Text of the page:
2002 Jeep Liberty Engine Replacement - what else?

We are going to have the engine replaced (it threw a rod) in our Liberty.
(This is already decided…we love it and it’s much cheaper than going new. Everything else is in good shape
and we have a livable estimate from a reputable mechanic.)

The question is…what other things should be changed while the engine is being replaced?

Please indicate those that are mandatory and those that are just a good suggestion.

Thank you!

Rely on the mechanic’s advice. He’s “hands on” and can evalluate the condition of things. And if he’s just replacing the “short block” the needs will be greater, and the heads will be swapped over. Additionally, if it’s a manual the clutch assembly may be prudent, depending on how new it is.

He’ll likely want to change the belts.
I’m sure there’ll be coolant parts (like hoses) and that he’ll want to change too.

Good time to check the radiator. If the back side has missing fins between the tubes, get rid of it.

Does this Jeep have an automatic transmission?
If so, what is the maintenance history of that transmission?

I ask that question because…if the trans fluid of this 11 year old vehicle has never been changed, you can count on trans failure in the near future, and that will likely cost a couple of thousand $$.

So…I would strongly suggest a fluid & filter change while the vehicle is in the shop for engine replacement. Don’t believe the Old Wives’ Tales about the dangers resulting from changing old trans fluid. Old Wives don’t know much about cars.

If you’re going with a used engine then I would strongly suggest a new rear main seal on the engine and a new front pump seal on the transmission if it’s an automatic. JMO, but these seals are a must and many an engine or transmission has had to come back out at some point because this was not done while the opportunity existed.

Not meaning to come across a a preacher here, but you state the engine threw a rod. Other than a metallurgy failure (the odds of which are close to zero) a thrown rod is usually traced back to lack of oil, lack of oil changes, excessive revving, or wear due to high miles and ignoring any symptoms.

iI just put a 2006 engine in a 2003 jeep Liberty 3.7 L but the torque converter will not fit can some one please tell me why are the cranks a different size or did my mechanic not know what he was doing?

@whcunni the torque converter bolts to the flexplate

The flexplate bolts to the crankshaft

Perhaps you can use the 2003 flexplate on the 2006 engine?

If it had been me, I would have insisted on installing a 2003 engine in a 2003 car . . .

Was that not possible?

A quick look shows 2 converters for the 2006 models and 3 for the 2003 models with differences based on diameter, code and casting numbers, and so on with several different automatic transmssions available.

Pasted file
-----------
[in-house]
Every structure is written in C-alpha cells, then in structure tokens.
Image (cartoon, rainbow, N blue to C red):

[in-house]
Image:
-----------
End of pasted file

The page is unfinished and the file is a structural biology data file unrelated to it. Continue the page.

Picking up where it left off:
Are you saying the mechanic put this together and then discovered the difference?

Some of the Jeep Liberty 3.7L engines are notorious for having oil pump issues that can result in engine failure. The oil doesn’t need to be low or dirty for this to happen. If you decide to repair this vehicle with a used engine, you might want to have the oil pan removed and the oil pump replaced as a preventative measure.

Most car manufacturers seem to have solved the problem of random engine failures long ago. Chrysler/MOPAR isn’t one of them. I know people who have had dropped valve seats resulting in major damage, thrown rods, among other major issues. I know a few who had the 2.7L V6 used in the Intrepid and others. I know one changed the oil regularly and used Mobil 1 synthetic. The car started burning oil and smoking really bad, then a rod went through the block. The tow truck driver made a comment of “Wow, this one actually made it past 100,000 miles! They usually don’t go nearly that far before this happens.” This guy later became a cop and frequently comments on the disproportionate number of dead Chryslers on the side of the road. He was issued a HEMI Dodge Charger patrol car which dropped a valve seat at 4600 miles, resulting in a trashed engine. He said he didn’t even get the chance to run it hard and was just driving it around when the piston crashed into the valve, leading to a cascade of failure…

Yes, I would normally say that a catastrophic engine failure is related to neglect or abuse but not always with a Chrysler.

@cardummy2, you might consider having the auto transmission rebuilt while the engine is out. Even with good care, it is likely 100,000 miles or more closer to rebuild than when new. How many miles on the Jeep? The disassembly cost to get the transmission out is almost complete with engine removal. Get a price as an add-on to engine replacement and see if it makes sense. If you want to keep your Liberty until the wheels fall off, you will have to rebuild the transmission sometime.